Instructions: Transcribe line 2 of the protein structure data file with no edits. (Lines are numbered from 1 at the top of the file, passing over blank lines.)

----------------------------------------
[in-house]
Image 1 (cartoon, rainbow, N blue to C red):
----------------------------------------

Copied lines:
Image 1 (cartoon, rainbow, N blue to C red):